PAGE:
The International Monetary Fund has approved a three-year US$78.9 million loan for Liberia to help it combat poverty.
Liberia attracted billions of dollars in resource investment since the end of a civil war in 2003, but remains one of the world's least developed and poorest countries, with 84 percent of the population living in poverty.
In approving the loan Monday, the IMF said it is meant to support the government's poverty reduction strategy, and comes with conditions from the IMF for government policies.
"The policy priorities focus on safeguarding macroeconomic stability and laying the basis for faster and diversified growth through a substantial scaling up of infrastructure and social investments," Min Zhu, the IMF's deputy managing director, said after the IMF board approved the loan.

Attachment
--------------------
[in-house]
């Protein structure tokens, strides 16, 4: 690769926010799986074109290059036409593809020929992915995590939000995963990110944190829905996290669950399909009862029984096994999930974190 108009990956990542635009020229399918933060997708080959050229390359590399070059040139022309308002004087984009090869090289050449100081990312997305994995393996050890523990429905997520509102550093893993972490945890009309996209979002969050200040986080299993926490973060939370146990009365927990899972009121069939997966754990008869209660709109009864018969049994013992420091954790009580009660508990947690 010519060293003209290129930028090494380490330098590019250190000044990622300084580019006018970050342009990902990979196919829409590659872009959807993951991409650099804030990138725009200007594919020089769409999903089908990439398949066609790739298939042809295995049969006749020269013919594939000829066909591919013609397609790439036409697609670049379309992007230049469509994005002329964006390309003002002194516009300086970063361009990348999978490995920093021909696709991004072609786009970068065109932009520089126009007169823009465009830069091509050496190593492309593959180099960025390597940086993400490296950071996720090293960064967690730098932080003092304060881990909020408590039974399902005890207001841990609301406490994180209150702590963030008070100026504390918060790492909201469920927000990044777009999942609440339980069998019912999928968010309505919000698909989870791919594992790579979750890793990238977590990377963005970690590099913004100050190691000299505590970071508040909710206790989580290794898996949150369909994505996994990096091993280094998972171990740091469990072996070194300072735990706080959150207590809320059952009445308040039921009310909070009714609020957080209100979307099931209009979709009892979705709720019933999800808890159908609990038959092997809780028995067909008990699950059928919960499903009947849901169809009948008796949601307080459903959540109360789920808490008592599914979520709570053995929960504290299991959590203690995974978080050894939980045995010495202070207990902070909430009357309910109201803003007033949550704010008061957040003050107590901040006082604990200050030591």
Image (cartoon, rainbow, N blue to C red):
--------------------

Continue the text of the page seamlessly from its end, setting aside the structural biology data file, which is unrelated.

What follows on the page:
The IMF said Liberia should implement fiscal and financial reforms, such as establishing a revenue unit for natural resources at the Ministry of Finance that can boost transparency.
Liberia immediately gets $11.3 million from the IMF, and will get the rest of the money after periodic reviews to see if it has complied with the terms of the loan.
President Ellen Johnson Sirleaf has promised to cut the poverty rate, build infrastructure and boost employment, as well as promote growth on the back of resource development.
But the jury is still out on how well Liberia can beat the "resource curse" that has afflicted many other African states, bringing insecurity and rampant levels of official corruption to other resource-rich nations.
A Liberian government transparency watchdog is currently auditing more than $8 billion worth of oil, mining and agricultural contracts to check for possible fraud and mismanagement.
The IMF previously gave Liberia a loan of about $380 million, with the program ending in May.